guns

More students walked out of their high schools on Wednesday, but this time they were walking out to support the right to bear arms.

"Stand for the Second" was organized by Will Riley, an 18-year-old high school senior from New Mexico. "It all starts [with] myself and a few of my friends in my living room, making calls," he told NPR.

The walkout comes on the heels of several larger, nationwide demonstrations that saw hundreds of thousands of students and other protesters call for gun control.

From Texas Standard.

Today, the majority of headlines about the National Rifle Association involve a bit of controversy – debates over gun laws inevitably following mass shootings, or boycotts by citizens or businesses not wanting to be affiliated with the gun rights group. But it hasn’t always been this way. At its founding, the NRA was focused on firearms skill and safety, not politics.

Churchill High School students walk out of class to call for tighter gun control laws April 20, 2018.
Camille Phillips | Texas Public Radio

Hundreds of students at several different San Antonio schools called for an end to gun violence Friday by participating in walkouts and on-campus events.

For many who participated, ending gun violence means tightening gun control.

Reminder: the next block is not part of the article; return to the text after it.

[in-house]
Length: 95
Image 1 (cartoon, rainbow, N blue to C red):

From Texas Standard.

Remington Arms – a gun company that has been in business for over 200 years – has filed for Chapter 11 bankruptcy protection, and they’re not the only gun company that has seen shrinking profits lately. Sturm Ruger, as well as American Outdoors Brand, formerly known as Smith and Wesson, have been taking hits, too. Is Remington a victim of shifting public sentiment surrounding guns – or is something else going on?

3 Reasons Gun Companies Are Under Pressure

Mar 27, 2018

Remington Arms Co., an American gun company with roots stretching back over 200 years, has filed for Chapter 11 bankruptcy protection. Saddled with almost $1 billion in debt and a victim of shifting market trends, Remington, like many other gun companies, faces a constant uphill battle wrought with political pressures and changing sentiments on gun ownership. Here are three reasons why gun companies are now struggling to find profits.

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